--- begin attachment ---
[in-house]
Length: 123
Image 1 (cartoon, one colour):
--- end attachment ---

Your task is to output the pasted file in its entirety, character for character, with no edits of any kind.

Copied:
[in-house]
Length: 123
Image 1 (cartoon, one colour):